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How Rangers’ Dane Dunning made the decision to pitch rather than play shortstop

Photo: Kelly Gavin/Texas Rangers

How Rangers’ Dane Dunning made the decision to pitch rather than play shortstop

Looking across the Rangers rotation, Dane Dunning is becoming the team’s most consistent starter in 2021. He’s top five in the majors in games started by a rookie and about to hit the one hundred inning mark Friday in Boston. It’s Dane’s first full season in the major leagues (like many other guys on the active roster), and for him, the past four-plus months flew by.

“I’ve been having a lot of fun, and I’ve been learning a lot, so I guess it’s good to have fun doing what you love,” Dane told me. However, there is one thing Dunning would like to do, and that’s be a position player and play every day.

“I mean, I’m super jealous. I wish I could go out there every single day and play,” Dunning told me Wednesday. “I love playing the field every day [and] I love getting to hit every day.” Back at Clay High School (Dane’s high school), Dunning was a shortstop and played a little during his time at the University of Florida. However, Dane never got live pitching at-bats in college or logged an inning at short. It’s hard to knock on a successful pitcher in the big leagues, but why didn’t Dane pursue as a position player? “When I was younger, I couldn’t. I didn’t grow into my body yet, so I didn’t have the power, I didn’t have the speed that everybody else had at college, and I was behind. I saw the picture at the end of the tunnel where playing the field wasn’t going to be it for me.”

Playing the field is still an aspect of the game that Dunning likes to do, despite not getting a chance. “I’ve always loved taking ground balls, and I power shag every day because it’s easy cardio, and two, it’s fun tracking down fly balls.” Unfortunately, the following CBA agreement talks are eliminating the pitchers’ spot in the National League and creating a universal designated hitter. While it’ll be disappointing, Dane’s focus will remain on pitching. “Ultimately, my job is to pitch, so if [pitchers hitting] goes away, it’s not going to be terrible, but it’ll be a little less fun,” Dane told me.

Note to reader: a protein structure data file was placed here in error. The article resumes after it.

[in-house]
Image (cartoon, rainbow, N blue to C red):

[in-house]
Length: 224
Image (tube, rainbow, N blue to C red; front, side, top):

It also means no more ribeye steak dinners provided by his dad, which was promised to Dane if he got his first big league hit on June 1st in Denver. Dane remains the only Rangers pitcher with a hit in 2021 (Charlie Culberson and Brock Holt do not count). “I get it, some pitchers [are] out there, they focus on pitching [and] they don’t care about their bat,” Dane said. “They’ll take pitches left and right, and I get that point. At the same time, it’s the stories where pitchers are getting hits and things like that will disappear.”

Dunning’s Pitching limit mindset

While Dunning only missed one start due to an ankle injury, the plan is to pull back his outing for the final forty-five days of the season. “They have a limit that they have to put me on, and they’ve guided me to it because this year is to get me ready for the next season,” Dunning said. Dane also said that during each start, he doesn’t want to know the in-game pitch count. “I guess that’s just coming back from my dad,” Dane told me.

It’s a mindset of taking one pitch at a time. “I personally don’t like knowing the pitch count because I want to be focused on the situation on hand and the batter that I have, and not thinking I need a nine-pitch inning or anything like that, which I fully believe I could do,” Dunning said. However, the mentality doesn’t entirely block out that sense that the end of the night is near. “Through the season, I got a rough feel of I know it’s coming near now,” Dane said. I don’t suspect the Rangers will shut Dane down. Just limit his outings to around three innings likely, keeping that game schedule intact.

As for Dane Dunning becoming a two-way player? Don’t count on it. “I mean, if the Rangers are open to letting me hit, I would not say otherwise,” Dunning laughed. “Let’s be honest. They probably won’t. I do have a .333 batting average this year.” His .333 average leads all of the Rangers among any player that has at least one at-bat.

Credentialed Media Staff Writer covering the Texas Rangers for Dallas Sports Fanatic | 2014 University of North Texas graduate with a Bachelor's in Radio, Television, and Film. I talk about things. Find me on the tweeter @aplinckTX

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